When home prices in Denver’s most popular neighborhoods feel completely out of reach, it’s not unusual for some to blame gentrification. That word, after all, has its negative connotations, but it shouldn’t be a catch-all for any problem that arises in a big city.
At Denver High-Rise Living, we’re focused on educating the public about issues like gentrification so that we can do our part in growing Denver’s skyline responsibly. It’s certainly not easy because gentrification is so easily politicized and divisive.
A recent Facebook post we shared about a developer’s possible plans for the Greyhound bus station site garnered dozens of comments. One reader pleaded for the developer to not build more apartments. Another suggested a park be installed on the parcel that takes up an entire city block. In reality, though, parks and green space aid gentrification.
So, we want to address a few topics that we hope puts this hot-button issue into perspective.
What is gentrification?
In terms of housing, economist Daniel Hartley says you can tell a neighborhood is gentrifying “if it’s located in the central city of a metropolitan area and it goes from being in the bottom half of the distribution of home prices to the top half.” That has certainly happened in some of Denver’s hottest neighborhoods and it’s in the process of doing that north of downtown in neighborhoods like Globeville and Elyria-Swansea. If nothing is done, the free market and influx of people who still want to call Denver home will undoubtedly contribute to higher real estate prices and push lower income individuals out of their neighborhood.
That’s what Denver High-Rise Living founder Lori Greenly says absolutely cannot happen. She argues we need to redefine what gentrification looks like and make it easier for developers to pursue more middle-income housing projects, like row homes, duplexes, triplexes and low-rises first.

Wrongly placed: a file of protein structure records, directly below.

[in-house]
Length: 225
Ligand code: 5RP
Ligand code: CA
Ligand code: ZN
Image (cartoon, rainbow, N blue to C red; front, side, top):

“It kind of goes against our name, ‘Denver High-Rise Living,’ but it’s the missing middle we need someone to take a look at,” she said.
That’s not to say that there isn’t demand for luxury high-rises, Greenly added. There’s also a huge need for true affordable housing.
“It’s the fine balance that will help redefine gentrification and make it work for everyone,” she said. “I believe Denver can build its way out of its housing crunch and, as a result, protect all people.”
Today, Denver is behind current demand for condos — a property type often identified as an entry to homeownership — by 18,000 units. According to our research, Denver needs either a combination of 3,250 apartments and condos, or 2,250 condos only each year to hit demand. We are currently building 1,000 condo units per year on average.
A big part of the problem is Colorado’s current and proposed construction defect laws that put an immense amount of risk and added cost on developers. Thankfully, a recent effort to impose a 1% growth cap on all new development in 11 counties along the Front Range, including Denver, was unable to make it on the ballot, but there is other proposed legislation that could impact the future of housing in Denver.